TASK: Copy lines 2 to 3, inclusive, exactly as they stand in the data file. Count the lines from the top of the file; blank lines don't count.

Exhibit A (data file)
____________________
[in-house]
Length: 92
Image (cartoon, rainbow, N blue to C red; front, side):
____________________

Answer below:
Length: 92
Image (cartoon, rainbow, N blue to C red; front, side):